The users who don't like IT

I said it today in a presentation: all IT people are geeks. Some of us pretend we aren't, but we all of us can make our smart-phone do what we want. This causes a cognitive state capture: when we spend all day immersed in the company of other geeks and we lose sight of the fact that most of the population aren't like that. Lots of folk can't upgrade their phone to a new version of Android. They wonder how they lost their emails. They just don't get how Evernote works. They see no reason to have Twitter lists or multiple accounts.

Many IT people are insensitive and intolerant - even openly contemptuous - of users who can't roll with the UI punches, who just want to get the job done and derive no joy at all from using software for its own sake.

Don't be - it is how they are. These users don't want to configure their own personal digital environment. They are completely disinterested by the possibility to making things work. They have no understanding of what it is they are engaging with or how it operates. They force themselves to learn what to do to get the result they desire. I've seen an intelligent young accountant reduced to tears trying to switch from the Outlook look-and-feel to Gmail.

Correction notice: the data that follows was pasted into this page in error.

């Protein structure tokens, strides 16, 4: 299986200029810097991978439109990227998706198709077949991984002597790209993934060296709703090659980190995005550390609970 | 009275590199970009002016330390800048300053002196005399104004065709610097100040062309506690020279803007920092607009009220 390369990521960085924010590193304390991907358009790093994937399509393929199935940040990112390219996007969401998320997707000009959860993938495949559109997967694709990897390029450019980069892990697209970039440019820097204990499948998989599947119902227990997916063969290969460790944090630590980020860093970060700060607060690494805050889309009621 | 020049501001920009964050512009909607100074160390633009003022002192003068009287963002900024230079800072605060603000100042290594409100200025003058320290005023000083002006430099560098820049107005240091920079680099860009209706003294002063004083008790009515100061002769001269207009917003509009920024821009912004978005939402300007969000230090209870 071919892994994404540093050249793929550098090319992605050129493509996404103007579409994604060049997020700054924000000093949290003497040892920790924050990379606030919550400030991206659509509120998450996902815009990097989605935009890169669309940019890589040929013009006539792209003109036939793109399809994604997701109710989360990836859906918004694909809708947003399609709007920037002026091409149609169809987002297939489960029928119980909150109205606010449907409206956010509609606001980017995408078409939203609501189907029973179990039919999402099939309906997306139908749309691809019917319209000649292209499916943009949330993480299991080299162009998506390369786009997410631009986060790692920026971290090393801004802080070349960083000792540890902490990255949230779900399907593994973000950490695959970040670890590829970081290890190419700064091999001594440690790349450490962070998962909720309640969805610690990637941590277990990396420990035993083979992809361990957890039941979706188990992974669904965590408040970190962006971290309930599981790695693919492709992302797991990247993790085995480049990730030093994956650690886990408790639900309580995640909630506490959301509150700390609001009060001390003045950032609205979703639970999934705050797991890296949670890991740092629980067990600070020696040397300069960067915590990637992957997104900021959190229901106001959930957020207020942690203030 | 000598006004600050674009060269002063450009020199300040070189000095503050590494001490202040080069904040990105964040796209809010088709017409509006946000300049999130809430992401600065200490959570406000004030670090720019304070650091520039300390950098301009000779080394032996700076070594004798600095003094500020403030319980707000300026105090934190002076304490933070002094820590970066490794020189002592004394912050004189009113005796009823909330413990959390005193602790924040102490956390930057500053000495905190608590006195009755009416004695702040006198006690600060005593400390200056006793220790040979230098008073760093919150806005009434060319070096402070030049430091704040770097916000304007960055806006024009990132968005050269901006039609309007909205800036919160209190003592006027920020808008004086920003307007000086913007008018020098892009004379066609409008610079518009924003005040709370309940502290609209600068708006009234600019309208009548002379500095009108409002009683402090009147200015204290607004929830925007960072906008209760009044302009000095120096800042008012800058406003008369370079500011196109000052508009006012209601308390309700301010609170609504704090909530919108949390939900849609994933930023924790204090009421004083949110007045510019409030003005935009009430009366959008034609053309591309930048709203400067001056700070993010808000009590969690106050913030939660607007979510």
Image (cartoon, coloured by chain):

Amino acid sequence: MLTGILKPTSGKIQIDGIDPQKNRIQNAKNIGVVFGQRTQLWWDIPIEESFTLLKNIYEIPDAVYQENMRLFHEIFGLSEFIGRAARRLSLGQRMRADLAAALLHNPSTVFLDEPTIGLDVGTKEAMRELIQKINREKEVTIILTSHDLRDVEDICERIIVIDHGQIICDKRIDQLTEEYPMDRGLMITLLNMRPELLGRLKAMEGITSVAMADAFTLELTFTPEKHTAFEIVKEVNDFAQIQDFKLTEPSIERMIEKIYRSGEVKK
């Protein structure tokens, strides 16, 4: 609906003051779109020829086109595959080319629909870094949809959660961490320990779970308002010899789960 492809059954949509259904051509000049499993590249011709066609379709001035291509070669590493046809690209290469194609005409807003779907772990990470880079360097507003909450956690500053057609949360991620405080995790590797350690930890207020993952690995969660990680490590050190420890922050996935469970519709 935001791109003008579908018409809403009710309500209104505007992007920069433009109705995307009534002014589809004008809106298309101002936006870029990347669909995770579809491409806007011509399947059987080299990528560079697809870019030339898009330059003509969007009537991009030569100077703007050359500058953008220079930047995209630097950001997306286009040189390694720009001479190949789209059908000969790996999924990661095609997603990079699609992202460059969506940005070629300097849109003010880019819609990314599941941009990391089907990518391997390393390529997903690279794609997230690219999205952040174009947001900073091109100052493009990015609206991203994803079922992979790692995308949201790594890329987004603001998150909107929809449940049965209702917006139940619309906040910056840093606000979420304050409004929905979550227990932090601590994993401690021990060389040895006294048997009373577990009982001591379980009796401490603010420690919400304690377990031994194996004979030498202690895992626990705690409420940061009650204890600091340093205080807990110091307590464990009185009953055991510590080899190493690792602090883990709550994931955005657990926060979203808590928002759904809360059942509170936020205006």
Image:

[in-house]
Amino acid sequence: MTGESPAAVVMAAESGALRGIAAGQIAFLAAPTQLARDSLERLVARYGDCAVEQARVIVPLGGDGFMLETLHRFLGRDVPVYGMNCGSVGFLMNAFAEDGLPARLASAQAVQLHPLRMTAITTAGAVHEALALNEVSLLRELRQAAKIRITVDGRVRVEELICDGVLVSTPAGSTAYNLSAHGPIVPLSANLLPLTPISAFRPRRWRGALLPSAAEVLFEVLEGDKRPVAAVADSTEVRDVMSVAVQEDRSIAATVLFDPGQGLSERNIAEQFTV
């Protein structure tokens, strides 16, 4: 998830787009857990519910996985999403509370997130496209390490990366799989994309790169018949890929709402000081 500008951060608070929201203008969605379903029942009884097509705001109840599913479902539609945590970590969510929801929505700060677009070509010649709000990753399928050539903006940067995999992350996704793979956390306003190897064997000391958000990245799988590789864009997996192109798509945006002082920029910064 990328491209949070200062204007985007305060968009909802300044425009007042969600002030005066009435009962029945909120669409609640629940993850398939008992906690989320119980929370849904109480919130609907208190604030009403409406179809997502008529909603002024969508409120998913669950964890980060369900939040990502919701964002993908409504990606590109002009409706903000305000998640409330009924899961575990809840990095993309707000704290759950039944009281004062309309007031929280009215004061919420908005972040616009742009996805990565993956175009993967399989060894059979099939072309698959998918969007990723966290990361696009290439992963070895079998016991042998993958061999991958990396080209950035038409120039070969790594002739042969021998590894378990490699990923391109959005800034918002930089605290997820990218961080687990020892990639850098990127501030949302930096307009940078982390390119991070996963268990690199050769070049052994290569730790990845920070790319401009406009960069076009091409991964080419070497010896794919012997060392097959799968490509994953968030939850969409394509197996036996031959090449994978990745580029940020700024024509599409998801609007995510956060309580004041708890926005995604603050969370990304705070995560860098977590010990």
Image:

So they experience only bafflement and despair when it changes, especially unannounced.

I have no idea what proportion of the human race they are, but I suspect it is a majority. The proportion may be going down with each generation as they start earlier, but I think it isn't going away. They don't work in IT and they are less likely to hold a corporate job of any kind, but they do exist and they have a right to be heard.

Remember this the next time you are designing an interface or pushing unannounced changes or proposing an application upgrade.

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